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Mount Maude
Mountain/Rock

Mount Maude

 
Mount Maude

Page Type: Mountain/Rock

Location: Washington, United States, North America

Lat/Lon: 48.13761°N / 120.80383°W

Object Title: Mount Maude

Activities: Hiking, Mountaineering, Trad Climbing, Scrambling, Skiing

Season: Spring, Summer, Fall, Winter

Elevation: 9082 ft / 2768 m

 

Page By: Matt Lemke

Created/Edited: May 26, 2001 / Aug 19, 2014

Object ID: 150386

Hits: 31468 

Page Score: 82.48%  - 15 Votes 

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Under New Ownership

This page was originally made by Bob Bolton. He has graciously allowed me to adopt this page and I would like to give him credit for some of the text written below.

Looking towards the NE face...
NE face of Mount Maude in winter

Overview

Mt. Maude is one of the three 9,000 foot peaks that comprise the spectacular headwaters cirque of the Entiat River, one of the major drainages on the east side of the Cascade crest and a tributary of the Columbia River. The other two 9ers are Seven Fingered Jack (9,100 feet) and Mt. Fernow (9,249 feet). Fernow is the 3rd highest non-volcanic summit in the Cascade Range, after nearby Bonanza Peak and Mt. Stuart, all three of which are in Chelan County. There are two main approaches to Mount Maude. The first, and one most used is from the west via the Chiwawa River Road to the Phelps Creek Trailhead and the Leroy Creek route. The other is from the east via the Entiat River Trail and Ice Creek Route. The western approach is much shorter and can be done over a typical weekend whereas it is a several day trip from the east. The standard south route of the peak is a fun walk-up or easy scramble with excellent views of the North Cascades.

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Mount Maude with fresh September snow

Getting There

West Side Approach: Phelps Creek Trailhead - From Seattle head north on I-5 to Everett and follow US Highway 2 to the Coles Corner Junction with WA Highway 207. Follow Highway 207 until it crosses the Wenatchee River. Just past the bridge head north onto Road 62 towards Fish Lake. Follow Road 62 past the Grouse Creek Campground and continue onto Road 6200 as it parallels the Chiwawa River. This is a long rough road (just over 20 miles) that ends at the Trinity Gate where the Buck Creek Trail starts (elevation 2,900 feet). For the Phelps Creek Trail turn right onto FS 6211 at a signed junction just before reaching Trinity and switchback a couple times up the hill reaching the end of the road at 3,500 feet elevation which is one of the highest trailheads in the Glacier Peak Wilderness.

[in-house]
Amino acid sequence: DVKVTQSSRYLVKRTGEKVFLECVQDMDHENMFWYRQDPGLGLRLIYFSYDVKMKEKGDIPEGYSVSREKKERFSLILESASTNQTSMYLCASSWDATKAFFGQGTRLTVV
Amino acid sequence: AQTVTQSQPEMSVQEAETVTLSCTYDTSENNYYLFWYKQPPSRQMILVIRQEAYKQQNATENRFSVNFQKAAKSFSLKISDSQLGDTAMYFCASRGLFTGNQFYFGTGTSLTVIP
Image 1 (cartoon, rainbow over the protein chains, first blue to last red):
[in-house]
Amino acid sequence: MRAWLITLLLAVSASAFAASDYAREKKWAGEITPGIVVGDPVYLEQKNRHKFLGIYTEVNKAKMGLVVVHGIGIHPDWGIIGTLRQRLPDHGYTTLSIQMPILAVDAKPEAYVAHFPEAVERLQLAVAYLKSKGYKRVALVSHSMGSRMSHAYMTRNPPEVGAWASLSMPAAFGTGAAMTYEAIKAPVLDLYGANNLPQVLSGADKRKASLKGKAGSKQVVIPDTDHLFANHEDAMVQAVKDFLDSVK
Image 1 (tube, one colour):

East Side Approach: Entiat River Trailhead - From Wenatchee, drive north on the highway west of the Columbia River (ALT Highway 97) 20 miles to the town of Entiat. Just south of town, turn west on the Entiat River road and follow it for 38 miles to its end at the Cottonwood Campground with an elevation of 3,140 feet. This long road is paved most of the way and easily driven in typical passenger cars. Note that the road turns into NF Road 51 and NF Road 5100.

On the left is Pt. 8078 on...
Buck Mountain from the Phelps Creek Trailhead
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Entiat River Falls

Approaches

Phelps Creek/Leroy Basin Route - From the trailhead, hike the Phelps Creek Trail for 3.5 miles to where it crosses Leroy Creek at 4,120 feet. Cross the creek either on a large tree or by rock hopping (difficult in early season) and locate the well-worn climber's path up the north side of the creek. The path leads steeply before leveling off to reach the upper Leroy Creek Basin. There is a large meadow at 6,100 feet that offers good camping and water.